RISK Alert Alert #530 – Fort Hood Active Shooter-April 2, 2014
Dateline: April 5, 2014
Shock and grief were the reactions when the news said, for a second time, a shooter
inside Ft. Hood near Killeen, Texas had killed 4 and injured 13 in another Active Shooting
Incident. Everyone remembered the first major shooting attack in November 2013, when
a major killed 13 and injured 43 because he did not want to be deployed to Afghanistan.
A total of 73 injured and/or killed in the two incidents!
How could this have happened? The Department of Defense had implemented many of
the recommendations of its internal, and independent review panels, and the changes had not
been enough to prevent another active Shooter incident.
The 34-year old shooter had apparently been denied a leave form, and asked to come
back the next day and he came back, with a .45-caliber Smith & Wesson semiautomatic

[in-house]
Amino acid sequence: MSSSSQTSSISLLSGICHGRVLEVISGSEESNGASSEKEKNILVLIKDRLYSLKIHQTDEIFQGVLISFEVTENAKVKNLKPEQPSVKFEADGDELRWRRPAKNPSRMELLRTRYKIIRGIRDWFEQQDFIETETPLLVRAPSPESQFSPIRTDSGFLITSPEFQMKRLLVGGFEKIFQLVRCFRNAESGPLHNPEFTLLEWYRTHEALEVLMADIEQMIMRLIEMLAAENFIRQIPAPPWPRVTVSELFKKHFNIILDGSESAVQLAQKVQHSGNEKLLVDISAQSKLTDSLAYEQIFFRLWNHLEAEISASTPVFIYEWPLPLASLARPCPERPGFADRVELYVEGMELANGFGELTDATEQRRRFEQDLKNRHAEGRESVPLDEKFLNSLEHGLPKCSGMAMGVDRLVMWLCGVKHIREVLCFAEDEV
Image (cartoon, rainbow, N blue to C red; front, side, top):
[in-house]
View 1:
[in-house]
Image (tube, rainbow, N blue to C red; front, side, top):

handgun, recently purchased at Guns Galore, and started shooting. He eventually turned
the gun on himself, after firing 35 rounds in two buildings over a 2 block area. He had a
history of mental issues, and had recently been transferred to Fort Hood.
What We Learned: The After Action Review “Protecting the Force” had detailed 89
recommendations, but by Sept. .2013, only 52 had been
implemented and none included an Active Shooter Risk Assessment.
A comprehensive Active Shooter Risk Assessment has to be the first recommendation
after any Active Shooter event. Recommendations from the previous shooting were concentrated
on new policies and procedures, mental health screening, education and training programs but
those controls did not directly influence PREVENTION of incidents.
A Review of the Most Important Active Shooter controls would have been more
likely to prevent a future shooter event, like:
- Tightened Access Controls for Facilities
- Panic Alarms
- Tracking of Potential Troubled Individuals
- Metal Screening for Weapons
- Policy on Personal Weapons on Base
After the Navy Yard shooting in September 2013, another round of recommendations
were made to improve security at all DOD installations, however, a Pentagon official
said on Thursday, April 4th, that the new recommendations had not yet been put into
effect at Fort Hood. Unfortunately, at Fort Hood, very little had changed from 2009
regarding security procedures for soldiers at the entrance gates. Stay Alert and make sure that any Security Incidents are reported IMMEDIATELY!